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South Korea's President Suggests It Might Finally Be Time To Ban Eating Dog Meat

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South Korea's President Suggests It Might Finally Be Time To Ban Eating Dog Meat

South Korea's President has hinted the country might soon ban the eating of dog meat.

Moon Jae-in has questioned whether it's time to end the centuries-old traditional practice and has signalled to the country's Prime Minister, Kim Boo-kyum that the country's laws might need to change.

Around one million dogs are eaten in South Korea annually despite year-long outrage from animal activists.

Dog meat consumption is on the downward trend as attitudes slowly change amongst the masses, however it will only take an outright ban for the practice to end altogether.

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Moon is the first leader to bring a rescue dog into the Blue House. Credit: Yonhap/Newcom/Alamy Live News
Moon is the first leader to bring a rescue dog into the Blue House. Credit: Yonhap/Newcom/Alamy Live News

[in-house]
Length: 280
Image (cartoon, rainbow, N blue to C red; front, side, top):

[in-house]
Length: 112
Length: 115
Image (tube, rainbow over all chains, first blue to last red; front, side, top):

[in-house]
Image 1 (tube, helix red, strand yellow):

According to a presidential spokesperson, Moon asked the Prime Minister: "Hasn't the time come to prudently consider prohibiting dog meat consumption?"

The dog lover President made the comments as he was being informed about how to fix the care system for abandoned pets.

Animal welfare organisations have consistently criticised South Korea for not doing more to outlaw the consumption of meat.

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The country did institute a crackdown on dog farms and restaurants ahead of the 2018 Pyeongchang Winter Olympics, however their animal protection laws only prevent the 'cruel' slaughter of animals.

Three years ago, South Korea's largest dog meat slaughterhouse was shut down an transformed into a park.

The Taepyeong-dong complex in Seongnam city - which was south of Seoul - was home to at least six slaughterhouses, which could have held at least several hundred animals at any given time.

Dogs would be electrocuted before being butchered for meat, according to US campaign group Humane Society International.

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When they visited the slaughterhouse - which was a major provider for dog meat restaurants across South Korea - activists had found electrocution equipment, along with the bodies of dead dogs, blood-stained knives and a 'de-hairing machine'.

The closure of the site was hailed as a 'landmark' and 'historic' moment by animal lovers, with hopes that other slaughterhouses in the country might soon follow suit.

Featured Image Credit: Yonhap/Newcom/Alamy Live News

Topics: News, Animals

Stewart Perrie
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